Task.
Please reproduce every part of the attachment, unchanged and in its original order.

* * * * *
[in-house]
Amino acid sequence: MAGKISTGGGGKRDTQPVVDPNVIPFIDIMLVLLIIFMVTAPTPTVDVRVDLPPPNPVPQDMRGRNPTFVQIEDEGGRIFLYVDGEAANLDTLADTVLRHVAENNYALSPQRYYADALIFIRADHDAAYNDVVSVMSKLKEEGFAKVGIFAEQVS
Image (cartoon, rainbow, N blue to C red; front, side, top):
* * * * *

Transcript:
[in-house]
Amino acid sequence: MAGKISTGGGGKRDTQPVVDPNVIPFIDIMLVLLIIFMVTAPTPTVDVRVDLPPPNPVPQDMRGRNPTFVQIEDEGGRIFLYVDGEAANLDTLADTVLRHVAENNYALSPQRYYADALIFIRADHDAAYNDVVSVMSKLKEEGFAKVGIFAEQVS
Image (cartoon, rainbow, N blue to C red; front, side, top):